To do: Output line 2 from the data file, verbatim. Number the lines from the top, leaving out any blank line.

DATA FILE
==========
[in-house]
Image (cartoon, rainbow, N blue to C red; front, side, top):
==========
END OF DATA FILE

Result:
Image (cartoon, rainbow, N blue to C red; front, side, top):